Demonstrate the storage procedures for DNA testing evidence.
DefinitionDemonstration should include
- separating and excluding any other biological evidence from DNA test evidence
- preserving DNA material
- following standard operating procedures for forensic laboratories.
- What are the typical standard operating procedures for DNA evidence in forensic laboratories?
- What steps are involved in storing and protecting DNA test evidence?
- What would happen if DNA preservation methods were not followed?
Related Standards of Learning
The student will demonstrate an understanding of scientific reasoning, logic, and the nature of science by planning and conducting investigations in which
- observations of living organisms are recorded in the lab and in the field;
- hypotheses are formulated based on direct observations and information from scientific literature;
- variables are defined and investigations are designed to test hypotheses;
- graphing and arithmetic calculations are used as tools in data analysis;
- conclusions are formed based on recorded quantitative and qualitative data;
- sources of error inherent in experimental design are identified and discussed;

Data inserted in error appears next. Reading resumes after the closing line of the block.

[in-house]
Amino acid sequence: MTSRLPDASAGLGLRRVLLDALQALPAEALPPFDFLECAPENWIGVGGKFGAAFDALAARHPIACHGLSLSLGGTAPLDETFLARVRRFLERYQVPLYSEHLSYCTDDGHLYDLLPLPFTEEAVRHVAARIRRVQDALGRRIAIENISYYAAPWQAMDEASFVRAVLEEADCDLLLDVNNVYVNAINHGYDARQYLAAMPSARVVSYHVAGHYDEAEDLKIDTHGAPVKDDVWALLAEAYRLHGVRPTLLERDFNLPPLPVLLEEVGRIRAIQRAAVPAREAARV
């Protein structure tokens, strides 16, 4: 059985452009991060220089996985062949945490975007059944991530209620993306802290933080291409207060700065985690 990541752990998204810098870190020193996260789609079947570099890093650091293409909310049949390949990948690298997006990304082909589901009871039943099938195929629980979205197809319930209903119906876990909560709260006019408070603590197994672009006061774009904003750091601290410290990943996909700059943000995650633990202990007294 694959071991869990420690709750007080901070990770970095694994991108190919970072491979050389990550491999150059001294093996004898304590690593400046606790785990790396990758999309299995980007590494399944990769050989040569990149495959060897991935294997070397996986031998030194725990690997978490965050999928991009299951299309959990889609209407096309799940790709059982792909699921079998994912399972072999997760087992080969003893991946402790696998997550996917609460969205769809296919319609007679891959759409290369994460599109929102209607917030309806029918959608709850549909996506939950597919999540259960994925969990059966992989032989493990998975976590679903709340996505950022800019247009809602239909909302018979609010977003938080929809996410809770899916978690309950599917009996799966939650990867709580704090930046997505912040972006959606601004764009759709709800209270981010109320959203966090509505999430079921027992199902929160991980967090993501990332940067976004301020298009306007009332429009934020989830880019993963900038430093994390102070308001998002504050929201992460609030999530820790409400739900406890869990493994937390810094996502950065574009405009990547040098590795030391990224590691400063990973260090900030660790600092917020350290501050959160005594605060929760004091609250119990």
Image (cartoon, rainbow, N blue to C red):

- validity of data is determined;
- chemicals and equipment are used in a safe manner;
- appropriate technology including computers, graphing calculators, and probeware is used for gathering and analyzing data, communicating results, modeling concepts, and simulating experimental conditions;
- research utilizes scientific literature;
- differentiation is made among a scientific hypothesis, theory, and law;
- alternative scientific explanations and models are recognized and analyzed; and
- current applications of biological concepts are used.
The student will investigate and understand common mechanisms of inheritance and protein synthesis. Key concepts include
- cell growth and division;
- gamete formation;
- cell specialization;
- prediction of inheritance of traits based on the Mendelian laws of heredity;
- historical development of the structural model of DNA;
- genetic variation;
- the structure, function, and replication of nucleic acids;
- events involved in the construction of proteins;
- use, limitations, and misuse of genetic information; and
- exploration of the impact of DNA technologies.